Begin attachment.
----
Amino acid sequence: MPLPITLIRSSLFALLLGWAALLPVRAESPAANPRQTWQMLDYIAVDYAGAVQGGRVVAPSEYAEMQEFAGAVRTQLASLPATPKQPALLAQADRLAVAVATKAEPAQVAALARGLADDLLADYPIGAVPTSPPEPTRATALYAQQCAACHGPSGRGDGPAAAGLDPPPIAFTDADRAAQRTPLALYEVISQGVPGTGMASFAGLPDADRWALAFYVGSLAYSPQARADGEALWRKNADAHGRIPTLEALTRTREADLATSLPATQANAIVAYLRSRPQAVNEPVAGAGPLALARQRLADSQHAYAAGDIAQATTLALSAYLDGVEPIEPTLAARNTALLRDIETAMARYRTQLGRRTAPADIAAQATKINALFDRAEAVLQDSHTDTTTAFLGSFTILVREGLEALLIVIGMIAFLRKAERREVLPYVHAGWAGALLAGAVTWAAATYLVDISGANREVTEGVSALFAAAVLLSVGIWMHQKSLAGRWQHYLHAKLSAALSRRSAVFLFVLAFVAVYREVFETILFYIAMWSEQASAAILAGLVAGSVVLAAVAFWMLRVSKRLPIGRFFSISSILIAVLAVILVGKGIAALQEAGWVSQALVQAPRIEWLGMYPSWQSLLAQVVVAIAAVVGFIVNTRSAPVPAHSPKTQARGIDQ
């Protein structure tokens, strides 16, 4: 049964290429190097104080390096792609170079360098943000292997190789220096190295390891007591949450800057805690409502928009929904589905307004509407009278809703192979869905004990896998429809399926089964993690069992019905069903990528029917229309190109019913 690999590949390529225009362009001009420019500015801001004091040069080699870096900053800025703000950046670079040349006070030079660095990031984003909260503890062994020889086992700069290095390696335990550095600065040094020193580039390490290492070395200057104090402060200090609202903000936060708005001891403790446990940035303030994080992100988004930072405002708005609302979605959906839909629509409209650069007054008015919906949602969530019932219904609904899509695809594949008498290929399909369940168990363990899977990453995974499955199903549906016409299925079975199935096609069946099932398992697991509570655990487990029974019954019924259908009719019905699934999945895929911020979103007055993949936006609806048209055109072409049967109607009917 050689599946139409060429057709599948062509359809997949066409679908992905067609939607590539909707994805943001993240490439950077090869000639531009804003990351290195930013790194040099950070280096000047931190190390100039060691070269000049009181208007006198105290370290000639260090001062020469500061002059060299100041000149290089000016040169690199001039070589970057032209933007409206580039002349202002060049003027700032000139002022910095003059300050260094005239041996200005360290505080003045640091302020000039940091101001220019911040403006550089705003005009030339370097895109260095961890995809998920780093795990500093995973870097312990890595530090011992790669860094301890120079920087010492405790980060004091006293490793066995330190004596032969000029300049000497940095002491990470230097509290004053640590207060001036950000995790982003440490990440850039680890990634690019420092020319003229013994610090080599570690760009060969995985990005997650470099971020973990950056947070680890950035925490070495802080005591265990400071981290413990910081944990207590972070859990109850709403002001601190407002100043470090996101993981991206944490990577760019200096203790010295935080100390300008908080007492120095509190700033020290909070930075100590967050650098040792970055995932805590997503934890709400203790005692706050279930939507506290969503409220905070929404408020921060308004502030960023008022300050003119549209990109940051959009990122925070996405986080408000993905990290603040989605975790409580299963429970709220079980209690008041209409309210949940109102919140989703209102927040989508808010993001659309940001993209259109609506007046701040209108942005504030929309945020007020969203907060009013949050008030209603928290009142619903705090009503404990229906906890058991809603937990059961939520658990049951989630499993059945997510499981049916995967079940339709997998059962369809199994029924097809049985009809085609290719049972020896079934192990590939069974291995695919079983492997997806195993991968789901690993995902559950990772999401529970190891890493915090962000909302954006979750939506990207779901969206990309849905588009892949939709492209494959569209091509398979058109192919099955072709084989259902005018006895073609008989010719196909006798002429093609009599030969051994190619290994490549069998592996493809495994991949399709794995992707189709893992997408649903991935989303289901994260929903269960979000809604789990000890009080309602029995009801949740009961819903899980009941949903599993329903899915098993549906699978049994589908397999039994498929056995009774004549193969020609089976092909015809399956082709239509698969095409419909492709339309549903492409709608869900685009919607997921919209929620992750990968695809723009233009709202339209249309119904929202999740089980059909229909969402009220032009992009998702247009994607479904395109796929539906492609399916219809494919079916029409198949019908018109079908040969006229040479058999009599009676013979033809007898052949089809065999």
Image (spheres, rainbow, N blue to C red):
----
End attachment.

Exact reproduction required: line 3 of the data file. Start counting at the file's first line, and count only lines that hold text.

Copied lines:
Image (spheres, rainbow, N blue to C red):